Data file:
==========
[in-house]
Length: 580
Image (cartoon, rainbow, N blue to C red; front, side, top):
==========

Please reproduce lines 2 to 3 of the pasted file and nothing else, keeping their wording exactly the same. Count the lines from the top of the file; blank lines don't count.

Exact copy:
Length: 580
Image (cartoon, rainbow, N blue to C red; front, side, top):